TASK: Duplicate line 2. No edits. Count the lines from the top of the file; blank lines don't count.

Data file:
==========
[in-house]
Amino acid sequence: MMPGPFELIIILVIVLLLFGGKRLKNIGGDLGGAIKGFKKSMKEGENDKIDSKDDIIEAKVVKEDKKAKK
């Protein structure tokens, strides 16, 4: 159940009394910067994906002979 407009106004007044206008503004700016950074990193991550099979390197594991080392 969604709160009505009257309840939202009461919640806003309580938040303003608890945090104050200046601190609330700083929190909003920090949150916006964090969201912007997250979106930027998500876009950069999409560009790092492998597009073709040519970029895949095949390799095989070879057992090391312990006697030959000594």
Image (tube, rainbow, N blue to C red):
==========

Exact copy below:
Amino acid sequence: MMPGPFELIIILVIVLLLFGGKRLKNIGGDLGGAIKGFKKSMKEGENDKIDSKDDIIEAKVVKEDKKAKK